Women on the Web

A Woman Works on a Computer ar Holy Cross College

Photo: College of the Holy Cross

Women, Academe, and the Internet: Bridging Distances, Building Careers

Internet technology has altered academic life. Faculty, students, and administrators meet in new cyberspaces, publish in evolving digital media, and connect over increasingly complex networks. These changes are not confined to academe: internet use has spread throughout the United States, and as America goes online, gender has migrated online with it. According to a 2005 report by the Pew Internet and American Life project, women, who initially lagged behind men in internet use, are now catching up. And women are using the net in different ways, particularly as a tool for facilitating human connections. But what does this mean for women in academe? How do academic women use the internet for career-building and networking? And how can internet use both enhance their professional lives and accelerate student learning?

This issue of On Campus with Women raises, and attempts to answer, these questions. The Internet is ever-evolving; its effect on academic careers remains to be established and continues to be contested. Online publishing may not yet hold the weight of traditional publishing in discussions of tenure review. Blogging, while potentially a tool for networking and career building, requires a certain restraint from professors whose posts could shed public light on their private lives. Yet our investigation shows that with a little self-awareness and a lot of tenacity, women are transforming the role of the internet in the academy--and transforming their own work as a result.

Arguing the benefits of online publication, featured writers Beverly J. Irby and Genevieve Brown explore e-publishing as a welcoming route for women scholars. Kathy Fischer speaks of the internet’s potential as a pedagogical and networking tool, particularly for administrators to reach out to their students and graduates. While Deborah Siegel describes her own journey online as following a pathway out of academia, she offers tips for women everywhere to maximize their use of the internet as a career-building tool; and Kortney Ryan Ziegler discusses her use of blogs for forging connections and creating a positive self-image in opposition to racist and sexist stereotypes. Daniel Butler and Meredith Anderson affirm these personal stories with their own research, finding that academic women both in the United States and abroad are using the internet for career-related networking--and are finding greater opportunity as a result.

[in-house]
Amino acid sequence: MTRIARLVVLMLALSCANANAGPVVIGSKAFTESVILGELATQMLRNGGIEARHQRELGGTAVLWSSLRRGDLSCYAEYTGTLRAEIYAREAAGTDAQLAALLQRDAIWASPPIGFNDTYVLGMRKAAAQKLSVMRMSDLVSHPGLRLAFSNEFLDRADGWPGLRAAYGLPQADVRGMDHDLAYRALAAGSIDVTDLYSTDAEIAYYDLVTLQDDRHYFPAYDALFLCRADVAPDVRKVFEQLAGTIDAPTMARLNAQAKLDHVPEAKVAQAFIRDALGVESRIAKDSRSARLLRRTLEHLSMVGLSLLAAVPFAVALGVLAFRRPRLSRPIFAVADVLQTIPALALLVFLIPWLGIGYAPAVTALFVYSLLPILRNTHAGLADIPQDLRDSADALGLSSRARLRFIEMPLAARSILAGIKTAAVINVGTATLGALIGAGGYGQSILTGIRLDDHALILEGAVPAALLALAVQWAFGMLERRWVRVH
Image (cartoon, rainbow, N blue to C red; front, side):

When it comes to academic women’s use of the internet, our authors are optimistic, but not conclusive. Their work opens the digital door to a larger conversation about the Internet’s role--for better or for worse--in academic life.


"The under-representation of women’s voices and the lack of women- and girl-centered topics in mainstream media coverage continue to astonish me. Feminist scholars have an incredible opportunity to frame popular debate when they go online--if they know where and how to participate."  

Deborah Siegel


In this issue, Kathy Fischer outlines ways to connect with students through Facebook, while Genevieve Brown and Beverly J. Irby discuss their experiences publishing a women's leadership journal online. Read more


This issue's Global Perspective examines how internet technology affects women's scientific careers in Kerala, India.

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